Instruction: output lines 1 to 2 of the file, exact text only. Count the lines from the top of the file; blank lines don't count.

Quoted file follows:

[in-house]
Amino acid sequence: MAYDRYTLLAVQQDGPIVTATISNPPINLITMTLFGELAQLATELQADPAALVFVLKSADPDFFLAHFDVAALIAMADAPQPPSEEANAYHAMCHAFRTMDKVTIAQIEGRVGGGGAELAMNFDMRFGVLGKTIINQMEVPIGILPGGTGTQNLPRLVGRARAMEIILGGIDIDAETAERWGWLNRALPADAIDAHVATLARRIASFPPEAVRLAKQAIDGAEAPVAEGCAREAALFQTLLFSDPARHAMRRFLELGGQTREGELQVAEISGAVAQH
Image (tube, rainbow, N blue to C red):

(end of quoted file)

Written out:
[in-house]
Amino acid sequence: MAYDRYTLLAVQQDGPIVTATISNPPINLITMTLFGELAQLATELQADPAALVFVLKSADPDFFLAHFDVAALIAMADAPQPPSEEANAYHAMCHAFRTMDKVTIAQIEGRVGGGGAELAMNFDMRFGVLGKTIINQMEVPIGILPGGTGTQNLPRLVGRARAMEIILGGIDIDAETAERWGWLNRALPADAIDAHVATLARRIASFPPEAVRLAKQAIDGAEAPVAEGCAREAALFQTLLFSDPARHAMRRFLELGGQTREGELQVAEISGAVAQH